Includes individual and family therapy for children up to age 13 who have exhibited sexually inappropriate behaviors with other children. The following list are things the child and their caregivers might expect to achieve with this treatment model: Child will accept responsibility for inappropriate sexual behaviors, child will develop empathy for the feelings of others (especially victims of abuse), child will develop and/or enhance social competency skills, child will develop relapse prevention and safety skills, child will learn to manage sexual feelings, thoughts and behaviors to prevent further sexually aggressive behavior, caregiver and child will cope with and resolve feelings related to child’s potential prior trauma, caregiver will improve their relationship skills, regarding communication, discipline, and teaching the child healthy sexuality, caregiver will establish functional boundaries in the home and facilitate child’s responsibility for inappropriate sexual behavior.
Frequently Asked Questions
What types of medical services does SHF provide?
SHF provides outpatient medical exams for children who have suffered neglect and/or some form of abuse. Unlike in hospital settings, our exams are scheduled for up to an hour and a half, leaving plenty of time for our providers to answer any questions that patients or their parents may have. Our exams are not traumatizing for children and our pediatricians are trained specifically to work with children who have been abused or neglected. SHF also provides medical consultation on patients who are hospitalized with concerns of abuse or neglect.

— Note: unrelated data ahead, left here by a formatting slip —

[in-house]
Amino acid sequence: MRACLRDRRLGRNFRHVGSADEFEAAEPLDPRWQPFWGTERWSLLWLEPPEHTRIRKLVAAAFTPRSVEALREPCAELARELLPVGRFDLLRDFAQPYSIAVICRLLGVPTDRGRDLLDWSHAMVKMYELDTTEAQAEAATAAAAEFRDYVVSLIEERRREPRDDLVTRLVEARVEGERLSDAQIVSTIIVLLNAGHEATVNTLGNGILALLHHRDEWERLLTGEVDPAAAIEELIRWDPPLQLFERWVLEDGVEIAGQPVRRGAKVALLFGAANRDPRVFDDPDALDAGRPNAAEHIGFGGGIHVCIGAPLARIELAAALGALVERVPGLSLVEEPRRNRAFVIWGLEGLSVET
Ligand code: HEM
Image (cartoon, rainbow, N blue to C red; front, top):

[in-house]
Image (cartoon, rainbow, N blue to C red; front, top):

Can a medical exam for alleged sexual abuse prove if a child was abused?
A medical exam on its own very rarely provides sufficient evidence to indicate that a child has been sexually abused. The purpose of the medical exam is not only to check for signs of physical injury, but also to reassure both the child and his/her caregivers that the child is physically healthy. It is very important for a child who has disclosed sexual abuse to be forensically interviewed.
When should I call Safe and Healthy Families?
Please feel free to call us anytime with any questions regarding a case or if you want to set up a medical exam. We are NOT a walk-in clinic so it is important that you call our intake line to have a child scheduled for an exam. If a child needs to be seen urgently, we will make arrangements for him/her to be seen as quickly as possible. In cases of suspected sexual abuse, when the last alleged event was more than 72 hours ago and the child does not have complaints of pain or bleeding the child DOES NOT REQUIRE AN URGENT EXAM. Exams conducted in our clinic, rather than an in an emergency room setting, can reduce the anxiety surrounding sexual abuse investigations. We do all that we can to ensure our exams are not traumatizing for the child or caregiver.